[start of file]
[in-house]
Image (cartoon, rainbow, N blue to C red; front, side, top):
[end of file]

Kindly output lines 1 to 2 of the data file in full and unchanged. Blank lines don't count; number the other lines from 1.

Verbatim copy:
[in-house]
Image (cartoon, rainbow, N blue to C red; front, side, top):